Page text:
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Report: Netflix, Hulu spent 7.5x more than HBO per Emmy

July 30, 2019

While Netflix caught the attention of the TV world last year when it ended HBO’s 18-year stretch of earning the most Emmy nominations, this year, HBO reclaimed the spot with 137 nominations to Netflix’s 117. But how much did each spend to earn such success?

Kill the Cable Bill, providers of industry trend analysis, crunched the numbers for Netflix and HBO, as well as rival streaming services Hulu and Amazon, and found that both Netflix and Hulu spent over 7.5 times more than HBO per Emmy nomination.

Who Spent the Most Per Emmy Nomination?

In 2018, Netflix spent about $14 billion (€12.5bn) on content, according to the company’s annual report. Some of that goes toward licensing content and some goes toward original content that can’t get nominated, and of course, some of the 2019 Emmy-eligible content had its production costs paid for prior to 2018. In other words, this isn’t a foolproof scientific analysis, but it’s a fun exercise at getting a decent estimate at how efficiently the various streaming services and TV networks are creating quality content.

As it turns out, the major streaming services aren’t very efficient at all when it comes to creating great content.

Netflix spent a little over $120 million per Emmy nomination, up 41 per cent from last year’s $85 million for each nod. That’s 7.5x more than HBO spent per nomination.

But they weren’t even the worst offender. Hulu, who received 20 nominations and had a 2018 budget of $2.5 billion, spent $125 million for each of its nominations.

Rounding out the major streaming services, Amazon’s 47 Emmy nominations cost the company $106 million a piece.

HBO spent roughly $2.2 billion on content last year, and their 137 nominations cost the network just under $16 million each, a bargain compared to the spending of the major on-demand streaming services.

Is It Time to Tighten the Purse Strings?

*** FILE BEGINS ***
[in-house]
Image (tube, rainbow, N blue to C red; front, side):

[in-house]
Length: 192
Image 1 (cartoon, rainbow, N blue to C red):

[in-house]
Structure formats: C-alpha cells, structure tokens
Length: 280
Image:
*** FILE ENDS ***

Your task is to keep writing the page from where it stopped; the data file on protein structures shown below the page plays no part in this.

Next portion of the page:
The past few years have been the era of big spending in the TV industry, and it has been led in large part by Netflix and their streaming counterparts. Netflix and its peers have been operating with an open checkbook in recent years, spending billions upon billions of dollars on content, the bulk of which has gone toward financing original TV series and movies (Amazon’s upcoming Lord of the Rings TV series is said to be the most expensive show ever made). It was a move born of necessity as the streaming services have struggled to maintain rights to (also expensive) licensed content.

But the results of spending so much on original content have been decidedly mixed. Netflix is burning billions in cash, and they’ve just come off a massively disappointing quarter where they missed new subscriber expectations by nearly 50%. The company has had to raise prices to help finance its ever-growing content budget, and a significant number of subscribers are starting to feel the service is too expensive.

In other words, this kind of spending hasn’t been very cost-effective by multiple metrics, and with recent reports that Netflix may be slowing down spending on its original content, it seems maybe the execs at the company are starting to agree. With Disney+ on the horizon, smart spending is more important than ever.

Categories: Articles, Content, Production, Research